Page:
In our experience, forbearance measures work best for customers when they are supported with effective data, to allow the firm to identify customers who may be having financial difficulties as early as possible, as well as having a flexible approach to dealing with payment difficulties whereby multiple solutions are available to help the customer achieve full recovery. Retail lenders should also be considering how easy it is for customers in financial difficulty to complete the forbearance journey, which should be clear, fair and must avoid any harmful frictions, which may create unreasonable barriers to customers acting in their own best interests.
The FCA used the webinar as a platform to describe the new Duty as an opportunity for retail banking and payment service providers to adapt themselves to the changing industry landscape, splitting the session between the two sectors, which we summarize below.
The extent to which UK retail banking (and building societies) will be impacted by the Duty will depend on the complexity and maturity of business models and distribution strategy. The FCA acknowledged that the role a bank plays in the distribution chain can be complex and will require careful consideration by each firm.
Retail banking services cover a broad spectrum of activities, often as product manufacturer, co-manufacturer, distributor of own products and distributor of third-party products and services, and they can also include the provision of outsourced critical functions to third-party suppliers.
As has been mentioned elsewhere in this article, identifying, and understanding the firm’s responsibilities throughout the distribution chain is an important first step to take, however, where a complex distribution strategy exists across multiple service lines, this can require a significant amount of time and resource.
The FCA was also keen to mention the close links between cost-of-living challenges, customer support and the customers understanding of products and services. The FCA believes that banks should ensure they have the capacity to support worried or vulnerable customers and should be considering how they can proactively identify and reach out to customers who may be struggling.
Building on the above, the FCA provided examples of practices firms should be avoiding, most notably inadequate support of customer-channels (e.g., under-resourced or inexperienced staff), poorly conceived and designed digital support channels, and an over-reliance on chat bots to provide support, particularly in circumstances where they may not be appropriate (e.g., where a more complex customer query is likely or a more individual and tailored response is necessary).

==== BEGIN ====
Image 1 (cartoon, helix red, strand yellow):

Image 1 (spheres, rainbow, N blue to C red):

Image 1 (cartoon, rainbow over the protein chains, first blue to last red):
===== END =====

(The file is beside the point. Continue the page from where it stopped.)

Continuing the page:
We have seen many examples where firms have deployed digital innovation to deliver an improved experience for customers. Recent lockdowns increased the urgency for firms to develop digital communication channels, in particular retail banking services. Firms should, however, be continuously evaluating that such solutions remain fit-for-purpose and are providing for the evolving needs of their customers.
Banks and building societies must carefully consider how they embed the new Duty requirements, keeping in mind that the FCA expects to see a clear transition from compliance with processes and procedures to good outcomes for customers. Given the impact the economic situation is having on UK consumers, retail banks should not be waiting for the Duty to take effect before changes are made.
UK payment service and e-money firms should proactively check that customers and good outcomes are at the heart of their business models and practices. While much of the messaging given was aligned to that of other sectors in this article, the FCA conveyed the importance for firms in having a specific focus on understanding their role in the distribution chain, understanding what amounts to a good outcome for the firm’s customers and how the firm’s charges may impact the end customer.
The FCA also confirmed that it expects payment service and e-money firms to communicate through the distribution chain where, for example, it identifies a concern that may be leading to poor customer outcomes. This is so the issue can be addressed by the firm at the appropriate point in the process.
We consider that the shift from rules-based to outcomes-focused regulation may be a larger jump for some firms in this sector but that those with more developed conduct risk frameworks are well-placed to comply with the new requirements.
Payment service and e-money firms should consider their obligations under the Duty when products and services are developed, tested, launched and reviewed. Developing this thinking further, we believe that outcome testing can be an underutilized tool If applied correctly as a testing strategy, it can be a valuable source of information and evidence, something that will be a necessity under the Duty if firms are to show the regulator they are complying with the spirit, as well as the letter, of the new conduct regulation standard.
The FCA expects firms to have sufficient resources to implement the Consumer Duty between now and 31 July 2023 (new and existing business) and 31 July 2024 (closed-book business).
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If you would like to discuss this article and its specific contents, please get in touch today with Mark Turner.